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Cooper Union Students Stage Sit-In at School President's Office

 About 50 students from the Cooper Unino are in the school president's Jamshed Bharucha's office.
Cooper Union Student Stage Office Sit-In
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EAST VILLAGE — Following the recent announcement to charge tuition for the first time at the cash-strapped Cooper Union, more than 50 of its students on Wednesday staged a sit-in at the office of the university's president demanding his resignation.

After months of debate and protests from some of Cooper Union's students, staff and alumni, the school announced weeks ago that it would begin charging this September's incoming students. Those involved in the "sit-in" of school president Jamshed Bharucha's office in the Foundation Building near Astor Place say they no longer recognize his presidency and will refuse to leave unless steps are taken towards his resignation.

"As it stands we have a secure and circulating occupation of the space," said senior art student at the school and protestor Joe Riley, 22. "We are willing to stay here."

In a phone interview from Bharucha’s office, Riley said the students walked into the office at about 10:50 a.m. Wednesday morning.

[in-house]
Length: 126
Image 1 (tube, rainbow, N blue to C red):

While the students believed Bharucha's schedule put him in the office at the time, the president was absent so the students were unable to read him a statement of no confidence they had prepared, Riley said.

"But a sit-in was always part of the plan," added Riley, who was also involved in another occupation where students locked themselves in the school's clock tower last December for several days protesting talks of charging tuition.

Students have been allowed to come and go from the office, and Riley said a rotation of students will continue around the clock until their demands are met — or until May 16 the last day of spring semester.

"This is a peaceful non-violent action and there are meetings going on between deans and students right now," said Claire McCarthy, the school's spokeswoman. 

At the end of April, Cooper Union announced it could not longer afford to foot the tuition bills for its entire student body, closing a year-and-a-half-long debate about how to balance its economic woes against the school's core mission to provide a top-notch higher education to talented students, no matter the cost.

The entering class of 2014 will be offered half scholarships to enroll in its prestigious program, putting the price of attendance at just under $20,000 a year, the school announced.

Cooper Union — named after founder and industrialist Peter Cooper — was established in 1859 as a school for low-income students, offering access to the higher education necessary to participate in shaping public life. Since then, the promise of free education has been as central to the school’s identity as its rigorous programs in architecture, engineering, and the arts.